Dr. Vladimir Hachinski
Fifty years ago, there was no treatment available for strokes. Doctors in the United States had tried to establish acute stroke units, but the lack of successful outcomes soon forced them to close.
That wasn't acceptable to neurologist Dr. Vladimir Hachinski. Early in his career, he teamed up with a colleague, Dr. John W. Norris, and they devoted themselves to caring for and studying stroke patients, establishing what would become the world's first successful acute stroke unit out of Sunnybrook Hospital in Toronto.
"We knew we probably couldn't help everyone, but we thought surely we can help some people," says Dr. Hachinski.
That turned out to be something of an understatement. Dr. Hachinski and his partner ended up defining a protocol for early intervention complemented by early rehabilitation that remains the standard of care for strokes today. The rehabilitation component of their work was led by Josephine Somerville.
No one turned away
Dr. Hachinski's clinic first focused on younger patients, presuming they might have higher chances of success. But he and Dr. Norris found themselves unwilling to turn away anyone who needed their help. They were soon conducting meticulous examinations of every patient who came to their door.
That deep effort paid off because it led them to see that early intervention was critical to recovery. They established protocols that could be applied as soon as possible after a stroke to improve outcomes dramatically.
The other success factor, Dr. Hachinski realized, was awareness. Taking his lead from previous campaigns on the signs and risks of heart attacks, he coined the term "brain attack" for strokes —reinforcing the urgency of getting medical attention as soon as the warning signs present, instead of waiting until a full stroke occurs.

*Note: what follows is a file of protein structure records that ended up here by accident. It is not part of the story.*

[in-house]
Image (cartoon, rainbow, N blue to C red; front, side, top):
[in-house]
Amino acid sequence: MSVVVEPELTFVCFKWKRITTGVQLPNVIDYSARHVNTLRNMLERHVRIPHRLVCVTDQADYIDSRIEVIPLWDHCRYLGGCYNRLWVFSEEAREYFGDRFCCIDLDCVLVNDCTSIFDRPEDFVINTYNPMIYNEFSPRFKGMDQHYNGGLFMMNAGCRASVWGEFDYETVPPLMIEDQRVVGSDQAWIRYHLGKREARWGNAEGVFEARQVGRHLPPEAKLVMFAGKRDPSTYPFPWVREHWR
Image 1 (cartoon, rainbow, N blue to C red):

Tracing connections to other conditions
Dr. Hachinski and his colleagues also identified links between strokes and heart conditions and found that strokes can increase the incidence of certain types of dementia: it may be possible to prevent some people from developing dementia by preventing them from having strokes.
"It's all connected," says Dr. Hachinski. "There is no health without brain health, so the importance of funding this kind of research cannot be overstated."
Today, Dr. Hachinski and his team are looking into the environmental factors that affect stroke risk and dementia, and are putting together a proposal for funding in hopes of expanding their research and methods.
"Over a 12-year period, we saw a 32% decrease in stroke incidence and a 7% decrease in dementia cases in Ontario," he says. "We would love to be able to isolate the sum of little things that make the biggest difference so we can extend those same results across Canada."
A team effort
Dr. Hachinski is extremely humbled to be receiving this prestigious award but notes that he wouldn't have been able to do any of it on his own.
"Everything I've ever done has been plural," he says. "So this recognition for me is also recognition for the students and colleagues I've worked with and especially the patients who have taken part in the research. I can't thank them enough for their contributions."
Dr. Vladimir Hachinski is receiving the F.N.G. Starr Award in recognition of his outstanding and inspiring lifetime achievement.